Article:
Women Have Finally Discovered Booze
Back in the old days, before gender equality and such things, women who drank excessively were considered untoward, ill sots, the kind you wouldn't bring home to your mother, who only had a small sip of sherry when feeling poorly and then spat it out immediately. But today, the world has embraced the modern concept of women who drink. Women are in colleges, where people drink! Women are in workplaces, where people drink! Drinking is a social thing, and women are social people, and social people drink!
All of this seems O.K., equality-wise and otherwise (who wants to be social with someone who's not drinking?), until we consider a new study from Columbia University. Women who drink are "increasingly at risk for the development of alcohol use disorders," and "a culture of binge drinking may set the course for a lifetime of alcohol abuse."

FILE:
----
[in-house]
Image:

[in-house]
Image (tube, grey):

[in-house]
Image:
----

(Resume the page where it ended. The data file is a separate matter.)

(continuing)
Buzzkill. But what's to allegedly blame for this? Equality, and the strains it brings.
According to WebMD, addiction therapist Paul Leslie Hokemeyer, who practices at the Caron Treatment Center in New York, said: "This study empirically shows us that drinking trends are impacting women. After World War II, the role of women changed. More women entered the workforce, but they were also expected to be good mothers and wives. They have latched hold of alcohol as a coping mechanism because it is readily available and socially acceptable."
Some stats: A fifth of women have three or more drinks a day; nearly half of men do. 60 percent of U.S. women who are over 18 have had at least one drink in the past year (72 percent of men have). And..."among women who drink, 13 percent have more than seven drinks per week."
Of course, maybe this isn't news, exactly: A report from 2008 stated that "Hard-fought gains in women's rights come with an unwanted gain: rising rates of alcoholism in women born after 1953."
The gap between male and female drinkers continues to decrease, with women, with smaller body weights, feeling the effects sooner, generally. But until we take this "drinking more" discussion out of the context of women's rights, are we really all that equal? That's the kind of question that makes us want to drink.